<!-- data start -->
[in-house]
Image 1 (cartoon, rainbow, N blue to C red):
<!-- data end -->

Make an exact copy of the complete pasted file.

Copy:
[in-house]
Image 1 (cartoon, rainbow, N blue to C red):